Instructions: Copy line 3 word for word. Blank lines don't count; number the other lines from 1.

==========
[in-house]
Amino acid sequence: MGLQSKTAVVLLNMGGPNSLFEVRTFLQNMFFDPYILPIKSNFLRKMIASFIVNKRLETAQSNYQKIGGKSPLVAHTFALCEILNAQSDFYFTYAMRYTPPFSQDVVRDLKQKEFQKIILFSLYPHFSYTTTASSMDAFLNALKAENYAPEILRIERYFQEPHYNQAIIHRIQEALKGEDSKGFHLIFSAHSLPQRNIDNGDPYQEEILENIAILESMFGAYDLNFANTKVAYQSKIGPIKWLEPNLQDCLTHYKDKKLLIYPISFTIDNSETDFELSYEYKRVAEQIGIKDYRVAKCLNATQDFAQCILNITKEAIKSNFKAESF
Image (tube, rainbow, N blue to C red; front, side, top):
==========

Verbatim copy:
Image (tube, rainbow, N blue to C red; front, side, top):